- LiPo Battery: 3.7V, 3000maH battery we used with our version was able to provide a few days worth of operation on a full charge. Feel free to plug in an even higher watt-hour battery for longer use.
- Pelican 1120 Waterproof Case: Enclosure that fits the breadboards nicely with simple foam cutouts that allow for a snug fit. Case also has built in pressure valve that helps stabilize the temperature inside.
Follow the schematic attached in the picture to get your remote monitoring box wired up and ready for use on your windowsill, backporch, car, or anywhere the Pelican case will fit!
Hologram Dash to GPS:
- R12/+3.3V <> Vin
- R02/GND <> GND (Worth checking that GND is set properly with a multimeter, have seen a jumped GND through the breadboard throw off the input voltage before)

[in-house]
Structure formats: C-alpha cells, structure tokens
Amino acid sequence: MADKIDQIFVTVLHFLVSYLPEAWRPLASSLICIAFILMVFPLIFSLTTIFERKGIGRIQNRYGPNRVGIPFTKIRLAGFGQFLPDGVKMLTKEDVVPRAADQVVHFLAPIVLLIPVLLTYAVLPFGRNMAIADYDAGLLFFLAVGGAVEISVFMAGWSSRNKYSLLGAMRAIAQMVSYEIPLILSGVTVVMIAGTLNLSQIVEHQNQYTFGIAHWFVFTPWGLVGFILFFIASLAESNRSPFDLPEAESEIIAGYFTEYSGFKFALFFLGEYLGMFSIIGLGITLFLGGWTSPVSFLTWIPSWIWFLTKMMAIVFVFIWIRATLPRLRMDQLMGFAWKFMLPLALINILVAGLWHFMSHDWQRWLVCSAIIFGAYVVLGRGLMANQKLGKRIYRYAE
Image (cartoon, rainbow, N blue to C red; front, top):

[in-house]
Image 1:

- R03/TX0 <> RX
- R05/RX0 <> TX
Hologram Dash to DHT22:
- R02/GND <> GND (Pin 4)
- R12/+3.3V <> Vin (Pin 1)
- R04/D02 <> Sensor Reading (Pin 2) 10K resistor from pin 2 (data) to pin 1 (power)
- R17/D30 <> Resistor <> LED Anode (+) <> LED Cathode (+) <> GND
- Red LED
- R15/D28 <> Resistor <> LED Anode (+) <> LED Cathode (+) <> GND
Connecting a Hologram Dash and SIM to the Hologram Cloud is simple through the dashboard. You can reference Hologram’s quickstart documentation here to see how to get a SIM activated and your Dash programmed here: https://hologram.io/docs/guides-tutorials/getting-started/quick-start-guide/
Hologram GitHub sketch link here: https://github.com/rdotlee/Hologram-Dash-GPS-Temperature-Monitor
GPS Fix and Data Send Intervals: